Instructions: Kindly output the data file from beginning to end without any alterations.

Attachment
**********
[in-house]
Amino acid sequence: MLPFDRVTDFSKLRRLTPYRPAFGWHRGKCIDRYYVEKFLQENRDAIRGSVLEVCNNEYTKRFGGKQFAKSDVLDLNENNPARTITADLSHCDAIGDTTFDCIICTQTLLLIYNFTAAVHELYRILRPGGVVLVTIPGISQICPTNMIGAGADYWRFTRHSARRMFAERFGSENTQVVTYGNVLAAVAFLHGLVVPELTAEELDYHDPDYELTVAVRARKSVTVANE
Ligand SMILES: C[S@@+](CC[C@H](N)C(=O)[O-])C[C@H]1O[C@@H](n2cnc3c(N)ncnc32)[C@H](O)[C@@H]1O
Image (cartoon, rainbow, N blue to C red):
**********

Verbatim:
[in-house]
Amino acid sequence: MLPFDRVTDFSKLRRLTPYRPAFGWHRGKCIDRYYVEKFLQENRDAIRGSVLEVCNNEYTKRFGGKQFAKSDVLDLNENNPARTITADLSHCDAIGDTTFDCIICTQTLLLIYNFTAAVHELYRILRPGGVVLVTIPGISQICPTNMIGAGADYWRFTRHSARRMFAERFGSENTQVVTYGNVLAAVAFLHGLVVPELTAEELDYHDPDYELTVAVRARKSVTVANE
Ligand SMILES: C[S@@+](CC[C@H](N)C(=O)[O-])C[C@H]1O[C@@H](n2cnc3c(N)ncnc32)[C@H](O)[C@@H]1O
Image (cartoon, rainbow, N blue to C red):